Celebrate Sunshine Week by rereading some of the great journalism made possible by Washington’s Public Records Act.

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“The people of this state do not yield their sovereignty to the agencies that serve them. The people, in delegating authority, do not give their public servants the right to decide what is good for the people to know and what is not good for them to know. The people insist on remaining informed so that they may maintain control over the instruments that they have created.”

— preamble to Washington’s Public Records Act.

Washingtonians just sent a strong message to the governor and members of the Legislature that they feel as strongly about the values embedded in the state Public Records Act as did state voters when they approved the act by initiative in 1972.

Three weeks ago, the Legislature acted to exempt itself from the act, which would have codified their wrongheaded practice and disregarded a judge’s order. Constituents flooded their offices with criticism. And Gov. Jay Inslee’s office received more than 20,000 calls and emails, almost all asking for him to veto the bill.

The governor did just that, and the chastened lawmakers agreed to review the matter in a more open process, including members of the public and the media.

The feisty public backlash is a fitting contribution to Sunshine Week, which runs through Saturday. Promoted by the American Society of Newspaper Editors and the Reporters Committee for Freedom of the Press, Sunshine Week is a celebration of the public’s right to know.

Gerry and Kathy Kingen of West Seattle used public records to prove that the city of SeaTac acted to sink the couple’s plans to build a park-and-fly lot because it would compete with the city’s plan to do the same. After the city lost in court, the SeaTac City Council in November agreed to pay $4.25 million of a $13 million settlement agreement.

Just last month, a Seattle Times story on former Mayor Ed Murray’s generous pension was written and reported by Lewis Kamb, with the help of city and state records. Kamb found the Seattle mayor who resigned in September among child sexual-abuse allegations is drawing both a state and a city pension that will pay him $115,920 a year, more than he made in 18 of his 21 years as an elected official. The Seattle Times stories about the abuse claims against the mayor by Kamb and reporter Jim Brunner also largely relied on public records.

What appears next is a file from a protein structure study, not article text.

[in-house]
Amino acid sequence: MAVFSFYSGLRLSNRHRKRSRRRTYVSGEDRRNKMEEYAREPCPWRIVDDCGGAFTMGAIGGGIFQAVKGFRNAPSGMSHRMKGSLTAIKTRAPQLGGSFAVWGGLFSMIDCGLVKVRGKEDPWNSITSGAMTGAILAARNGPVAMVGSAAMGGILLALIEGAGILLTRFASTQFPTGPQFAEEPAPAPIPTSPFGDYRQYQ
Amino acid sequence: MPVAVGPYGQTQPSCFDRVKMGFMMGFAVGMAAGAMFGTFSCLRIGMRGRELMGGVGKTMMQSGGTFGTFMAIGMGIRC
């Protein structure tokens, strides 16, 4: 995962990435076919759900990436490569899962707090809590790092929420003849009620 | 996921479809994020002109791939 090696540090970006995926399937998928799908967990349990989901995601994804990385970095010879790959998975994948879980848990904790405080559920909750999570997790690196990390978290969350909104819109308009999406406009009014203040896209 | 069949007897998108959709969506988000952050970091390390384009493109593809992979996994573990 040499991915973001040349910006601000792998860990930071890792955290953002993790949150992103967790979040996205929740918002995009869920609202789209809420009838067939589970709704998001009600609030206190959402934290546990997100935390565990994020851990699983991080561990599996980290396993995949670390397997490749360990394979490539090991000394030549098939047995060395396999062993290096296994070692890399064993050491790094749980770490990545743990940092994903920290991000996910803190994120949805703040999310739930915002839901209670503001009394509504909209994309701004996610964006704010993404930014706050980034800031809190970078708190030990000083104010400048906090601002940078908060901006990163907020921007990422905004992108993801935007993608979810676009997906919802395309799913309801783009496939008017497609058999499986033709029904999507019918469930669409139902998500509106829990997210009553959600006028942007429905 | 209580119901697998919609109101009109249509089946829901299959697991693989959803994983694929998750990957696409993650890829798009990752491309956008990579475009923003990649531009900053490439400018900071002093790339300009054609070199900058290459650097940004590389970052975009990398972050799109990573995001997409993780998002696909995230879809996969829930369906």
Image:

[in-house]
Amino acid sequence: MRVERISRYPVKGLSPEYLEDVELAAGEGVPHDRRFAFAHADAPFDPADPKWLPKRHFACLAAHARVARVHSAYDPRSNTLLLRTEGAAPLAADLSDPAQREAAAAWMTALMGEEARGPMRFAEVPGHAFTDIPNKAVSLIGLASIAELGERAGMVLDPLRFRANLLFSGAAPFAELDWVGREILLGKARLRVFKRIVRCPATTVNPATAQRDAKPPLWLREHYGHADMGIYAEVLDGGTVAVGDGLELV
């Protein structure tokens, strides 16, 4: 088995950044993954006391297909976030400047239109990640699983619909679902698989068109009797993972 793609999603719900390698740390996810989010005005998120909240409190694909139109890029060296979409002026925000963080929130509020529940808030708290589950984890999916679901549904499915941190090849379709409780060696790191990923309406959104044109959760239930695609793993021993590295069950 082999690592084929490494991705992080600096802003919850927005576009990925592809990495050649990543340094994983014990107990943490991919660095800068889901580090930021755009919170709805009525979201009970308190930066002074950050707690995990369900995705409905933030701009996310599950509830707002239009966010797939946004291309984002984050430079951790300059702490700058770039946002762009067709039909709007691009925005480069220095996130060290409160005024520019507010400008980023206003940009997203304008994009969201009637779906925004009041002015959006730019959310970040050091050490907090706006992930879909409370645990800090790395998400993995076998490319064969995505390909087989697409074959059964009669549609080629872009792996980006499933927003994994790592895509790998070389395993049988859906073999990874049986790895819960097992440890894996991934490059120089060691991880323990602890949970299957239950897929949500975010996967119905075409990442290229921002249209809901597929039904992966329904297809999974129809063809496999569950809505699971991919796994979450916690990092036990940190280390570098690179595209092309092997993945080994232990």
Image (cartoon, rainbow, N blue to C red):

Seismic Neglect, the ongoing Times watchdog series by reporters Sandi Doughton and Daniel Gilbert on every scary aspect of the region’s lack of earthquake preparedness could not have been written and vividly illustrated without public records. For example, they discovered elected state officials over the past three decades have repeatedly directed seismic-safety experts to create reports on earthquake dangers and for 30 years those reports have been ignored.

In 2016, public records were key to revelations about lead in drinking water at schools across Washington. Reports by The News Tribune of Tacoma, The Seattle Times and The Associated Press showed that few school districts regularly tested for lead in drinking water, raising public ire. Eventually that led to more districts testing and state government looking for new ways to pay for those tests.

Over the years, journalists have used public records to expose predators of children. The Times’ 2003 series, Coaches who Prey, used public records to track coaches who were fired or reprimanded for misconduct and moved to new districts. A 2007 AP investigation found 125 teachers lost their teacher’s licenses or had their licenses suspended between 2001 and 2005 for sexual misconduct.

These are only a few examples of how elected officials can be held accountable through crucial access to public records. It is a Washington state value that is as important today as it was 46 years ago.

As the Public Records Act reads, “The people insist on remaining informed so that they may maintain control over the instruments that they have created.”